Classes can include—or inherit methods fom—modules.

Ruby’s objects are strictly encapsulated: their state can be access only through the methods they define.

Any Ruby program can add methods to existing classes, and it is even possible to add “singleton methods” to individual objects.


Defining a Simple Class

class Point
  @@n = 0        # How many points have created
  @@totalX = 0   # The sum of all X coordinates
  @@totlalY = 0  # The sum of all Y coordinates

  def intialize(x,y)
    @x, @y = x, y

    @@n += 1
    @@totalX += x
    @@totalY += y

  ORIGIN =, 0)
  UNIT_X =, 0)
  UNIT_Y =, 1)

  def x

  def x=(value)
    @x = value

  def y

  def y=(value)
    @y = value

  def +(other)
    raise TypeError, "Point argument expected" unless other.is_a? Point + other.x, @y + other.y)

  def -(other)
    raise TypeError, "Point argument expected" unless other.is_a? Point - other.x, @y - other.y)

  def *(scalar)*scalar, @y*scalar)

  def [](index)
    case index
    when 0, -2: @x
    when 1, -1: @y
    when :x, "x": @x
    when :y, "y": @y
    else nil

  def each
    yield @x
    yield @y

  def ==(o)
    @x == o.x && @y == o.y

  # alias eql? == # Often, we want eql? to work just like == operator.

  def eql?(o)
    if o.instance_of? Point
      @x.eql?(o.x) && @y.eql?(o.y)

  def hash
    code = 17
    code = 37*code + @x.hash
    code = 37*code + @y.hash

  def <=>(other)
    return nil unless other.instance_of? Point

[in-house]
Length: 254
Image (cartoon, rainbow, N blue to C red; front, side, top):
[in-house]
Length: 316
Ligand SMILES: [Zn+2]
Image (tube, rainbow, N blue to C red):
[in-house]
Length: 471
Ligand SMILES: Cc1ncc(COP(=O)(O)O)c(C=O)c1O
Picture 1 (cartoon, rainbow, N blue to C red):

@x**2 + @y**2 <=> other.x**2 + other.y**2

  def self.sum(*points) # def Point.sum(*points)
    x = y = 0
    points.each { |p| x += p.x; y += p.y }, y)

  def to_s
  • Accessors and Attributes
class Point
  def intialize(x,y)
    @x, @y = x, y

  def x   # The accessor (or getter) method for @x

  def y   # The accessor (or getter) method for @y

class MutablePoint
  def initialize(x,y); @x, @y = x, y; end

  def x; @x; end # The getter method for @x
  def y; @y; end # The getter method for @y

  def x=(value)  # The setter method for @x
    @x = value
  def y=(value)  # The setter method for @y
    @y = value

p =,1)
p.x = 0
p.y = 0
  • metaprogramming

    • attr, attr_reader, and attr_accessor

      The attr_reader and attr_accessor methods are defined by Module class. Both methods take any number of symbols naming attributes.

      attr_reader creates trivial getter methods for the instance variables with the same name.

      attr_accessor creates getter and setter methods.

        class Point
          attr_accessor :x, :y  # Define accessor methods for our instance variables
        class Point
          attr_reader :x, :y    # Define reader methods for our instance variable
          # attr_reader "x", "y" Equivalently.

      attr is a similar method with a shorted name as a synonym for attr_reader.

        attr :x       # Define a trivial getter method x for @x
        attr :y, true # Define getter and setter methods for @y

      The attr, attr_reader, and attr_accessor methods create instance method for us (metaprogramming).

Method Visibility: Public, Protected, Private

Methods are normally public unless they are explicitly declared to be private or protected.

The initialize method is always implicitly private.

Global funcitons are defined as private instance methods of Object.

A private method is internal to the implementation of a class, and it can only be called by other instance method of the class.

Private methods are implicityly invoked on self, and may not be explicitly invoked on an object.

A protected method is like a private method in that it can only be invoked from within the implementation of a calss or its subclasses.